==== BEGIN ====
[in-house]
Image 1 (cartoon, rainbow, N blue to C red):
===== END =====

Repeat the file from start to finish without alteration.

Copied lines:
[in-house]
Image 1 (cartoon, rainbow, N blue to C red):